Welcome to Must Read, where we single out the best stories from around the automotive universe and beyond. Today we've got reports from AutoWeek, Curbside Classics, Hemmings, and The Truth About Cars.

The Cars Of "It's A Mad Mad Mad Mad World" — Curbside Classics

Jonathan Winters died earlier today, so we thought it would be a good time to look back at all the mad mad mad mad cars that made mad mad mad mad appearances.

This fun, madcap film would be great even without all the Curbside Classics onscreen. But the fanciest and rarest four-wheeled star (only 554 built), was J. Russell Finch’s (Milton Berle) light blue ’62 Crown convertible with pearl white leather interior.

Too Rich For Royalty: The 1932 Bugatti Royale — Hemmings


This is so much luxury. Too much luxury, even. Welcome to the Bugatti Royale.

The car of superlatives: Largest, most expensive, biggest engine.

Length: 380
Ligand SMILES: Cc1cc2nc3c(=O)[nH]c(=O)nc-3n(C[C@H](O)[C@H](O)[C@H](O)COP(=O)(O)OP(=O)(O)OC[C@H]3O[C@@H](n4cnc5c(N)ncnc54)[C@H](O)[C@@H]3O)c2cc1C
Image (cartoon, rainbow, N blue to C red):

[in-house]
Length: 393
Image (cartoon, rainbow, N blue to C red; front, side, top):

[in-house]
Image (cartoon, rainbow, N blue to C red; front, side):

When Jaguar Tried To Be Cool And Failed — The Truth About Cars


Jaguar wasn't always doing everything right. In the early 1990s, their supercars looked promising, but ultimately were failures in more ways than one.

The same thought process also led Jaguar to build two disastrously underwhelming 1990s supercars. To no one’s surprise, they didn’t sell, which should’ve been a telltale sign that Jaguar should stay out of the supercar business.

Most American Made 2013 Cars — AutoWeek


A lot of American cars aren't made in America anymore. But then again, some of the most American cars are made here. AutoWeek has the breakdown of what's going on:

Domestic brands have the most American-made content in the United States according to a new index released by American University's Kogod School of Business. Professor Frank DuBois, a global supply chain management expert, led the analysis, which considered not only where each vehicle's parts were produced, but also the location of the manufacturer's headquarters and other details, all in an effort to help consumers buy American.

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